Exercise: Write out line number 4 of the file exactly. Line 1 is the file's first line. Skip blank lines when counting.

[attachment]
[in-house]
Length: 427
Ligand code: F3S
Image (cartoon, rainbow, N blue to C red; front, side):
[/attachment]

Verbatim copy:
Image (cartoon, rainbow, N blue to C red; front, side):